This book brought French cooking to America. It still forms the backbone of our European cuisine. Don't make a stock without it. — Northshire Staff
The classic from the 1960's - French cuisine "by the book". Julia methodically shows you how to tackle everything French. — Kevin Philbin
The beloved sequel to the bestselling classic, Mastering the Art of French Cooking, Volume II presents more fantastic step-by-step French recipes for home cooks.
Working from the principle that “mastering any art is a continuing process,” Julia Child and Simone Beck gathered together a brilliant selection of new dishes to bring you to a yet higher level of culinary mastery.
They have searched out more of the classic dishes and regional specialties of France, and adapted them so that Americans, working with American ingredients, in American kitchens, can achieve the incomparable flavors and aromas that bring up a rush of memories—of lunch at a country inn in Provence, of an evening at a great Paris restaurant, of the essential cooking of France.
From French bread to salted goose, from peasant ragoûts to royal Napoleons, recipes are written with the same detail, exactness, and clarity that are the soul of Mastering the Art of French Cooking.
About the Author
Julia Child was born in Pasadena, California. She graduated from Smith College and worked for the OSS during World War II; afterward she lived in Paris, studied at the Cordon Bleu, and taught cooking with Simone Beck and Louisette Bertholle, with whom she wrote the first volume of Mastering the Art of French Cooking (1961). In 1963, Boston’s WGBH launched The French Chef television series, which made Julia Child a national celebrity, earning her the Peabody Award in 1965 and an Emmy in 1966. Several public television shows and numerous cookbooks followed. She died in 2004.
Simone ("Simca") Beck was born in 1904 at Tocqueville en Caux, Normandy. In 1933, she began to study at the Cordon Bleu, then the world’s supreme school of cuisine. In 1948 she was approached by a friend, Louisette Bertholle (now Comtesse de Nalèche), to collaborate on a French cookbook for Americans. In 1951, at the suggestion of her husband, they began to search for an American to help them, and a friend introduced Simca to Julia Child, then studying cooking in Paris. Soon afterward, the three women formed a cooking school, L’École des Trois Gourmandes, and began the collaboration that produced the several volumes of Mastering the Art of French Cooking. She died in 1991.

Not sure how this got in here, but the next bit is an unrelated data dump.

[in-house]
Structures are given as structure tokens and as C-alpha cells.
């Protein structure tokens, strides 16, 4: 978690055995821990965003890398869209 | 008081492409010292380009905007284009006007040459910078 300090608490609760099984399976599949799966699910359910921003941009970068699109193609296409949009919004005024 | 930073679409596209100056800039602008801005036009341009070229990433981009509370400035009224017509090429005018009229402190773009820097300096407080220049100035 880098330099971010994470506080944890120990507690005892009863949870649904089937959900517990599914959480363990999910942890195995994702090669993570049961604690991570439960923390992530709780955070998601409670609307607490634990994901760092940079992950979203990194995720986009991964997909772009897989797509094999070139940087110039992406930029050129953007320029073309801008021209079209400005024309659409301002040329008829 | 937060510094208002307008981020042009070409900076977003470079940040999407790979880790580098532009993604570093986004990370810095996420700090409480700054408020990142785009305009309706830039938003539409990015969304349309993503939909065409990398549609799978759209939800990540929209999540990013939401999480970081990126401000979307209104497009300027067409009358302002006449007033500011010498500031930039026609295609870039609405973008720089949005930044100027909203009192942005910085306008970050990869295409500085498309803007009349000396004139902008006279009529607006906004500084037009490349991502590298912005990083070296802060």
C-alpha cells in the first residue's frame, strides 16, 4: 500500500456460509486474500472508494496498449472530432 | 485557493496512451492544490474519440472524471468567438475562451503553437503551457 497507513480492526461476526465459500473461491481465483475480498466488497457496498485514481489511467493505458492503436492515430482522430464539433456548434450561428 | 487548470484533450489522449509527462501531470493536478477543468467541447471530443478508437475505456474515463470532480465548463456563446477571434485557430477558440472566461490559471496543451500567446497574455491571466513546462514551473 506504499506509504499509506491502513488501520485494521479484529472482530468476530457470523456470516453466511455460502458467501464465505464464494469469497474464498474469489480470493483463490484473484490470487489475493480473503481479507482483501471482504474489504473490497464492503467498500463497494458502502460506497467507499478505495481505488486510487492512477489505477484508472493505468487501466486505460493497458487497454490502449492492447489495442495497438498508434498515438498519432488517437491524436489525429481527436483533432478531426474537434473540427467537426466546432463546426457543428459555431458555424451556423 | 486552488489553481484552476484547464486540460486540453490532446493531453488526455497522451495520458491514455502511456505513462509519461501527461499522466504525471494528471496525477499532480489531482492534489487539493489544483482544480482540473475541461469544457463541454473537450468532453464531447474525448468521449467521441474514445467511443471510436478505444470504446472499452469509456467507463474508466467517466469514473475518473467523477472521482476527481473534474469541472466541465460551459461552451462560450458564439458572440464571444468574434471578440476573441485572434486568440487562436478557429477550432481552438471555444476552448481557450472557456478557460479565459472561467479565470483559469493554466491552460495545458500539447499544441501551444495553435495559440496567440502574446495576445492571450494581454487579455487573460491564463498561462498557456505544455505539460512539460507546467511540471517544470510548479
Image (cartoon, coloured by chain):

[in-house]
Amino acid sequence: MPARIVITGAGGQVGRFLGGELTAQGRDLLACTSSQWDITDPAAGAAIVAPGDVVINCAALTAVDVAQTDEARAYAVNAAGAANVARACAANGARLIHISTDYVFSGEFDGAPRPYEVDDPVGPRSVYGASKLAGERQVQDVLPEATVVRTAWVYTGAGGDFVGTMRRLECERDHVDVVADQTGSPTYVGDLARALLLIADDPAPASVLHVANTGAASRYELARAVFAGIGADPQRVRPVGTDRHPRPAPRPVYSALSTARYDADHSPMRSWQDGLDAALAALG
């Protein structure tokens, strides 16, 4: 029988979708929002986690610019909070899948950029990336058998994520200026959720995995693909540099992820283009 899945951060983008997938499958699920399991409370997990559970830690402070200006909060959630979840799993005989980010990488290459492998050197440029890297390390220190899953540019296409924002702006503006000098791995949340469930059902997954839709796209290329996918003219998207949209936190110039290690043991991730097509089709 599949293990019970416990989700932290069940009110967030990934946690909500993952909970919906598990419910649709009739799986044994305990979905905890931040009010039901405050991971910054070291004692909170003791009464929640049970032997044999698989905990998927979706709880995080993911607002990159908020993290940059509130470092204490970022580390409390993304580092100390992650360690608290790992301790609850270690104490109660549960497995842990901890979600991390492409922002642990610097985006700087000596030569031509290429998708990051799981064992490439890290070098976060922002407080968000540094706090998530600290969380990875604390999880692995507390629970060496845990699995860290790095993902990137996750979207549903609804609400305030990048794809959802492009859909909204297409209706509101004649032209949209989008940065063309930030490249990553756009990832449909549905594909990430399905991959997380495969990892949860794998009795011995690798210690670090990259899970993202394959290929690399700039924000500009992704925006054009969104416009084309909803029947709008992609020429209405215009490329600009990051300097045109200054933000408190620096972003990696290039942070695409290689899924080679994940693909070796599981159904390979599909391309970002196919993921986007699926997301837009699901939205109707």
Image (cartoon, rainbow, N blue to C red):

Praise for Julia Child and Mastering the Art of French Cooking
“Julia Child paved the way for Chez Panisse and so many others by demystifying French food and by reconnecting pleasure and delight with cooking and eating at the table. She brought forth a culture of American ingredients and gave us all the confidence to cook with them in the pursuit of flavor.” —Alice Waters, Chez Panisse
“Mastering the Art of French Cooking was one of my first introductions to my foundation of understanding the art of French cooking. The combination of reading Julia’s book, working in the kitchen, and watching her television shows helped lead me to my beginnings in serious cuisine. Julia is . . . the grande dame of cooking, who has touched all of our lives with her immense respect and appreciation of cuisine.” —Emeril Lagasse, Emeril’s Restaurant
“Julia has slowly but surely altered our way of thinking about food. She has taken the fear out of the term ‘haute cuisine.’ She has increased gastronomic awareness a thousandfold by stressing the importance of good foundation and technique, and she has elevated our consciousness to the refined pleasures of dining. Through the years her shows have kept me in rapt attention, and her humor has kept me in stitches. She is a national treasure, a culinary trendsetter, and a born educator beloved by all.” —Thomas Keller, The French Laundry
“Julia freed the American public from their fears of cooking French. By doing so, she greatly expanded the audience for all serious food writers. Her demystification prepared that public for the rest of us. I believe that the television shows based on that landmark book did even more to encourage reluctant cooks to try their hands . . . much to our benefit.” —Mimi Sheraton
“1961 A.D. Julia Child’s Mastering the Art of French Cooking is published. Her black-and-white TV show on WGBH in Boston soon follows. Child is one of the great teachers of the millennium: She is intelligent and charismatic, and her undistinguished manual skills are not daunting to her viewers. An entire generation of ambitious American home cooks is instantly born.” —Jeffrey Steingarten